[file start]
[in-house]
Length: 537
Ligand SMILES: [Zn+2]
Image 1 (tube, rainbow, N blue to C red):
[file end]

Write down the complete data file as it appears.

[in-house]
Length: 537
Ligand SMILES: [Zn+2]
Image 1 (tube, rainbow, N blue to C red):